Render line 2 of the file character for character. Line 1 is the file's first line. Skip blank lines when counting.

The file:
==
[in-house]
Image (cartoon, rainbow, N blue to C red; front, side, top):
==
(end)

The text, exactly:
Image (cartoon, rainbow, N blue to C red; front, side, top):